Pat Tillman, Hero. Shot In The Head. Three Times. By US Soldiers.
You would think, in a story with nothing but losers, I would feel something for someone. Regret for Pat Tillman, an NFL player inspired by 9/11 to enlist and serve in the US Army. Sympathy for his family, who were cheated of an accurate explanation of his death, humiliated by the very military their son and brother gave up a promising life to serve. Contempt for the media machine that tried to spin such an ugly, embarrassing situation into some hero bullshit. Or pity, for the military that required seven investigations to get the plain facts and has only summary censures to hand out.
I suppose it's a sad statement on me alone that I want to rub this ugly fact in the face of everyone who ever spat angrily at the notion that we've turned the Middle East into another Vietnam. If there was one fact that stuck me as a young child, trying to understand what Vietname was, it was the accounts that US military reports did everything but dishonorably discharge soldiers who died from friendly fire, dangerous as they were to putting a positive light on the war effort.
Pat Tillman died from friendly fire. Among his wounds: three shots, to the forehead, at close range. The military still maintains this event was an accident. The censure issued to General Philip Kensinger addressed the facts of the cover up itself, which included posthumously awarding Tillman the Purple Heart (for injury in combat) and the Silver Star (for gallantry in combat). What remains unanswered, however, is evidence that makes a poor case for accidental friendly fire. On the face of it, only one of those three words is without controversy.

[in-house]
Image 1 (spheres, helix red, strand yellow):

Do you know how hard it is to hit a small stationary target? From 30 feet? Three times? While you are moving? In a firefight? I know Mel Gibson can shoot a smiley face out of a paper target 50 feet away in a poorly-lit indoor range; after that, I'm not sure.
Ok, I can feel this: imagine giving up a glamorous, high-paying career, playing the game you love to play, and doing it to serve your country as a soldier. You take three shots to the head in an Afghani firefight, from one of your own. Your country plays you up as a hero in the media, lies to your family, tarts you up in all the seemly decorations for a man of your courage, determination, and sheer physical ability. Everyone around you when you were killed clams up, presumably in the name of some greater good, but possibly some greater evil.
That doesn't bode well for what those people thought of you, Pat Tillman. Skeptical as I am of the choice you made, no one deserves what was done to you. I hope your family finds the truth and gets justice for your memory.